​Blood Orange Quiet Riot

​Blood OrangeQuiet Riot
Photo by Christelle De Castro
Dev Hynes was wearing a T-shirt memorializing the lives of Eric Garner, Jordan Davis, Oscar Grant and Trayvon Martin when he and his then-girlfriend, Samantha Urbani, were attacked, allegedly by three Lollapalooza security guards, in 2014.
 
Hynes, the mastermind behind the adventurous pop-R&B-jazz hybrid Blood Orange, was wearing the shirt onstage when he played the festival earlier that day; he'd given a speech about racism. Hynes' patella was torn, his body "bruised up" by the encounter. He weighed in with a tweet the next day, on August 2: "I can't believe it. I'm so upset. Why is this still happening? I just want to make music."
 
It's a sentiment that pops up repeatedly in conversation with Hynes. One of the first things that comes up is a 60-minute mix he created in early 2015, just to "give it out to friends." The subject matter, he says, was less filtered, "more intense" than the music he'd released to date. "It's the record of new music in between that no one's heard, which I made at home, all on cassette." Though it was fully written and recorded, the tape didn't feel right as a Blood Orange release, so it stayed among friends. It wasn't the only recording Hynes shelved, either.
 
A year-and-a-half earlier, on July 13, 2013, George Zimmerman was acquitted of second-degree murder charges in the shooting death of 17-year-old Trayvon Martin. Hynes told his friend Julian Casablancas — in a conversation that would later be published, unedited, on Casablancas's website — that he "went home, and that week wrote a whole album of songs that were just about how I was feeling about the entire thing. My goal was to create a fake email account and email it to publications for free to put out, because I wanted it to be out. This is a problem that I have in general, but I didn't want me to be the aesthetic. I didn't want myself to be in the way of what I was thinking and what I wanted to say."
 
Though he decided not to release the album, it was the beginning of a fertile creative period that found the already-prolific Hynes confronting race more explicitly than ever before. He released singles "Do You See My Skin Through the Flames?" and "Sandra's Smile" in 2015, in response to the deaths of Michael Brown and Sandra Bland.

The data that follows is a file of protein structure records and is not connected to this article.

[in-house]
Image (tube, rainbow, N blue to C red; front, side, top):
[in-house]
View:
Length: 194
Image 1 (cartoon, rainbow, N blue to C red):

The Trayvon album and his 60-minute tape were outliers in the Blood Orange canon. Though the two singles were released under that moniker, Hynes included a message on the "Do You See My Skin Through the Flames?" SoundCloud page, just to be clear: "This is not from my forthcoming album, just some things on my mind."
 
That album was Freetown Sound, Hynes' third full-length as Blood Orange. In a recent Red Bull Music Academy interview with friend and musical peer Kindness, he referred to it as him "taking a step out and being like, 'Oh, I am a black man living in America.'" But where his unreleased material from the past few years was his rawest yet, Freetown Sound, Hynes says, "is more streamlined."
 
With Freetown, he wanted to be more explicit, but not at the cost of his grander vision: expressing strong, personal ideas, but without centring himself as the voice of a generation or community. With those "intense" songs, Hynes says, "the music I made after that [Trayvon Martin] non-judgment, there was actually a message. I was saying a point of view. Freetown has a point of view, but it's more just someone talking to me, rather than me talking to them. With this one, I wanted to create the world, but then I wanted to disappear in it, whereas before, the world already existed, and I wanted to disappear in it — but I didn't know how to do that."
 
Before finding the perfect balance between music and politics, self and community, Hynes needed to find a way to get out of the message's way first — that is, if he wanted to share a message at all.
 


Devonté Hynes has been making music professionally since 2004, when he joined UK dance-punk outfit Test Icicles as a teenager. Before that, he'd mostly played in metal bands; after, he wrote solo, but collaborated often, first under the guise of Lightspeed Champion, then as Blood Orange. On the side, Hynes composed a film score, and wrote and produced for Solange Knowles, Sky Ferreira, Kylie Minogue, FKA twigs, Kindness, Heems and Carly Rae Jepsen, among many others.
 
Hynes was born to a Guyanese mother and Sierra Leonean father in England's East London suburbs, where he spent the majority of his youth and was met with frequent, intense bullying.
 
"It was an especially confusing thing, growing up," Hynes confides now. "The place I went to school, the biggest population there is Islamic and Sikh, and yet the BNP [British National Party] was always in power. There was this awful thing where I'd be walking home and if I saw the Union Jack outside of a pub, I'd cross the street. It's insane to grow up in a place and see the flag of that country and think, 'Oh shit, I have to cross the street.'"
 
Though being an excellent athlete helped Hynes fit in at school, it was music in which he found real solace.
 
"My dad listened to classical a lot, and my mom was more a fan of pop like Sade, Simply Red and Annie Lennox." As the youngest sibling, Hynes absorbed much of what his siblings listened to as well: "My sister was a big Nirvana and Blur fan, and my brother was into rap. Then I got into metal. That's how I learned guitar; I learned guitar through playing in metal bands."
 
At 18, Hynes left Essex school Chadwell Heath Academy to join Test Icicles, a dance-punk trio capitalizing on the success of New York City bands like the Yeah Yeah Yeahs, Liars and the Rapture. Dev wrote, sang and played keyboards and guitar on the well-received For Screening Purposes Only in late 2005, but by February 2006, the group had disbanded. Hynes later told NME that "We were never, ever that keen on the music. I understand that people liked it, but we personally, er, didn't."